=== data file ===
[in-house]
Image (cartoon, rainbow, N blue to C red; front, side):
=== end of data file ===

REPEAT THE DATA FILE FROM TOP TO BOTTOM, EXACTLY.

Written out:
[in-house]
Image (cartoon, rainbow, N blue to C red; front, side):